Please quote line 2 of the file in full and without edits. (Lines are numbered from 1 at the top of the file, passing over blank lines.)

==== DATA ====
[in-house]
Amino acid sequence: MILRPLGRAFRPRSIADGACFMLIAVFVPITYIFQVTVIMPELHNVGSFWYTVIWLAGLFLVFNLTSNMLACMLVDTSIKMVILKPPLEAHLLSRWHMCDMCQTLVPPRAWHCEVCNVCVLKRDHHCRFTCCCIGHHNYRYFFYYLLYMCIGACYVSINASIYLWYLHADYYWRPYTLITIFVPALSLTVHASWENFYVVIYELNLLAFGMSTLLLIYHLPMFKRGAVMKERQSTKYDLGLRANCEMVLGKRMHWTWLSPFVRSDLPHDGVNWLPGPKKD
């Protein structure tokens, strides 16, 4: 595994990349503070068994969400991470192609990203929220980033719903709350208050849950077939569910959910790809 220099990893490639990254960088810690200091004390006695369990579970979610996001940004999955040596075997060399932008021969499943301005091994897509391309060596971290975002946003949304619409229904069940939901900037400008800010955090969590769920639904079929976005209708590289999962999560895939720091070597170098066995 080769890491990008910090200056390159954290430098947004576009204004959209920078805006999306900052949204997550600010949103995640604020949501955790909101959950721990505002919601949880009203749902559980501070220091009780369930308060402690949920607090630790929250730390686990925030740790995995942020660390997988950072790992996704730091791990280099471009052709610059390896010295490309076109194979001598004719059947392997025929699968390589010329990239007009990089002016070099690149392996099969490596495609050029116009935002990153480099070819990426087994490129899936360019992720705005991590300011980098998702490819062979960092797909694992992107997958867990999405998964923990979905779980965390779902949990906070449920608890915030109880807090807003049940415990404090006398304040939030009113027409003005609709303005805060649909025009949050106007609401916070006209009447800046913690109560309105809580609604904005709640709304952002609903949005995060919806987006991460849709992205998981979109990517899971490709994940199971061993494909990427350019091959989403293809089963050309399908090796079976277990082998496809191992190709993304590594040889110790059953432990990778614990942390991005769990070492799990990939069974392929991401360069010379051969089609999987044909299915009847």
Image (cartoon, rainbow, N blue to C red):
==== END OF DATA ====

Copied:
Amino acid sequence: MILRPLGRAFRPRSIADGACFMLIAVFVPITYIFQVTVIMPELHNVGSFWYTVIWLAGLFLVFNLTSNMLACMLVDTSIKMVILKPPLEAHLLSRWHMCDMCQTLVPPRAWHCEVCNVCVLKRDHHCRFTCCCIGHHNYRYFFYYLLYMCIGACYVSINASIYLWYLHADYYWRPYTLITIFVPALSLTVHASWENFYVVIYELNLLAFGMSTLLLIYHLPMFKRGAVMKERQSTKYDLGLRANCEMVLGKRMHWTWLSPFVRSDLPHDGVNWLPGPKKD